In the Tradition of Asimov:
Michael Burstein
by Daniel M. Kimmel

Originally published in The Jewish Advocate, May 21-28, 1999

Michael Burstein stands out in whatever group he's in. Among science fiction writers, the Brookline-based Burstein is in that select group who has had his work nominated for the prestigious Hugo Award, the field's equivalent to the Oscar. He has just received his third such nomination in the short story category. The winner will be announced at this summer's 57th annual World Science Fiction Convention in Melbourne, Australia.

At the Cambridge School in Weston, where Burstein teaches science, math, and the occasional science fiction course, he is not only a teacher, but an advisor to the school's student publications. It's not every advisor who can lay claim to the John W. Campbell Award, a prize given to the best new writer in science fiction.

However even in the science fiction field, where the 29 year old writer is regarded as a comer at the start of a promising career, Burstein stands out for another reason: he's a practicing Jew. "Just being Jewish doesn't have a lot of impact because there are a lot of people in the world of science fiction who are Jewish," he said, "Being observant, on the other hand, is very interesting."

Burstein appears at a number of science fiction conventions throughout the year, which can be a problem because they are inevitably held on weekends. "It can be difficult, but it is manageable," he said. He and his wife Nomi either bring kosher meals or arrange to have them delivered to the hotel. Other issues are more complicated.

"One of the biggest problems is that a lot of hotels use electronic key cards," he explained. Burstein arranges with a non-Jewish friend to handle unlocking his room during Shabbat, when such usage might not be deemed appropriate. There are a number of Shabbat-observant fans at local science fiction conventions, and they often congregate in Burstein's room for a festive Friday night meal, complete with wine and challah.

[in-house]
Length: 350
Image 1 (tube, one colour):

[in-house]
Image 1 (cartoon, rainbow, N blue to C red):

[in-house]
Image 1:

As for his science fiction, Burstein said there's been nothing particularly Jewish about it... so far. His first published story with a deliberately Jewish character will be out this fall in ANALOG, the science fiction magazine where much of Burstein's work appears. In "Reality Check," an Orthodox physicist at MIT has to go to Texas and deal with being observant without the support of a large Jewish community around him. The novella is part of Burstein's "Broken Symmetry" series involving a pathway to a parallel universe which he is currently developing into a novel. The first story in the series got Burstein his second Hugo nomination. He was also nominated in 1996 for "TeleAbsence," his very first published story.

His most recent nomination was for a story in the June 1998 ANALOG entitled "Cosmic Corkscrew" where an unnamed narrator travels back in time to meet one of the most famous of all science fiction writers -- and one of Burstein's literary heroes -- Isaac Asimov. In it the narrator meets a teenage Asimov who has just written his first short story, "Cosmic Corkscrew," in order to get a copy of it. In real life, Asimov had written such a story but it never sold and is now lost.

Burstein met Asimov on a number of occasions prior to the latter's death in 1992, and he said one of his great regrets is that both his father and Asimov died before he made his first professional sale. Burstein dedicated the story to the memory of his father.

Although there are many Jews who have made it big in science fiction, including Robert Silverberg, Harlan Ellison, and Asimov himself, Burstein is one of the few who has succeeded in the genre who takes his religious obligations as seriously as his scientific ones.